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  • Author or Editor: Dawn M. Nolte x
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Objective—To identify the most common sites of and possible predisposing factors for nonunions in cats with fractures of the appendicular skeleton.

Design—Retrospective study.

Animals—344 cats treated for fractures between 1998 and 2002, 18 of which developed nonunions.

Procedures—Information collected from the medical records included signalment; type of trauma; fracture location, orientation, and type; degrees of displacement and comminution; treatment; and outcome.

Results—The tibia and proximal portion of the ulna were identified as the most common sites for nonunions. Factors significantly associated with development of a nonunion included age, body weight, affected bone, fracture type, degree of comminution, and fixation type, with older cats, heavier cats, cats with fractures of the tibia or proximal portion of the ulna, cats with open fractures, cats with comminuted fractures, and cats with fractures stabilized with a type II external skeletal fixator being significantly more likely to develop a nonunion. Eleven of the 18 cats with nonunions had a successful outcome following treatment of the nonunion.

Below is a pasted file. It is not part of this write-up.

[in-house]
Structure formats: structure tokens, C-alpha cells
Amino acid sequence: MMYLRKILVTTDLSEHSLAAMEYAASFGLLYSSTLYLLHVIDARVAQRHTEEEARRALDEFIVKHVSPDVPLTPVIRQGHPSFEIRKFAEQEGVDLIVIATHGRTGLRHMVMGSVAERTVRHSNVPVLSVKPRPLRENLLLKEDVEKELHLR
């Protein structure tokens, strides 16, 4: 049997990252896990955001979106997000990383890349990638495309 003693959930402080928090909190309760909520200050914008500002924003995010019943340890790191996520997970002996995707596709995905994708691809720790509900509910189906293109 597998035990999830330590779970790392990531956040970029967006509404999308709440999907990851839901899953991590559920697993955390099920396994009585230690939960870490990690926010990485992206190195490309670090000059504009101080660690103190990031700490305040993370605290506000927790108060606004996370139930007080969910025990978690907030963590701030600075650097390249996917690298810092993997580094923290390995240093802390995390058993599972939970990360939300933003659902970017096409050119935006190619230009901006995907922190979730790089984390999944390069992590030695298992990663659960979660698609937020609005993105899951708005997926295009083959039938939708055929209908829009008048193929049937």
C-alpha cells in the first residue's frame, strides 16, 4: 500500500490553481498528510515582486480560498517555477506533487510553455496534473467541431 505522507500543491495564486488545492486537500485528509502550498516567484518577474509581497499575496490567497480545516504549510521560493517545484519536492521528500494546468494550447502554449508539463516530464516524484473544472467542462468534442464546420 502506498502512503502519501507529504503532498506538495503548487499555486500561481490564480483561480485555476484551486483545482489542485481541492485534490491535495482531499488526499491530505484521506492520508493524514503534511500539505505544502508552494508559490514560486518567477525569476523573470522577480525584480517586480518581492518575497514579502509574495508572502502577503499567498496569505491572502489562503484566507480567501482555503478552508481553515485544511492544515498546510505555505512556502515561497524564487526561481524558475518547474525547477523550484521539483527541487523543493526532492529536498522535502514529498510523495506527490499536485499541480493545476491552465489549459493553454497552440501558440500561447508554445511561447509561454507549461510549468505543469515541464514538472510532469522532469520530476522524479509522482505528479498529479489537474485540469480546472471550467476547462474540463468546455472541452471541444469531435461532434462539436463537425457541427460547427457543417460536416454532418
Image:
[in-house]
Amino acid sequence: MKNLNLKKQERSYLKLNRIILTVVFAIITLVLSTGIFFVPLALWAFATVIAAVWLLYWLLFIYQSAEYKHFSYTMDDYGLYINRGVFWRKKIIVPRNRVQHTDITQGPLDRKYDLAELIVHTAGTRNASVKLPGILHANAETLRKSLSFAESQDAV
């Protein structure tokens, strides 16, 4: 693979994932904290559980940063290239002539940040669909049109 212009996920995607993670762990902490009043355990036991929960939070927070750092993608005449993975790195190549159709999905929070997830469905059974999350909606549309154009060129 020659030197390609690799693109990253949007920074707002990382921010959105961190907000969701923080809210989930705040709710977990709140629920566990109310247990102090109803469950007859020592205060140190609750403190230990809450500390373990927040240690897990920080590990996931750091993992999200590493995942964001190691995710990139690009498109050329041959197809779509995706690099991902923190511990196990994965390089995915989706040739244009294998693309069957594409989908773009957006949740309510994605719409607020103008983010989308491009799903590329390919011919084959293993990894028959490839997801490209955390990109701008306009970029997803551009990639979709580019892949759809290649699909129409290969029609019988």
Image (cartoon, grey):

Conclusions and Clinical Relevance—Results suggest that in cats, fractures involving the tibia and proximal portion of the ulna are more likely to develop nonunions than are fractures involving other sites but that many factors may increase the risk of nonunion. Use of excessively large and rigid type II external skeletal fixators may be associated with development of nonunions; however, type II external skeletal fixators were commonly used to stabilize fractures in sites predisposed to nonunion. (J Am Vet Med Assoc 2005;226:77–82)

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in Journal of the American Veterinary Medical Association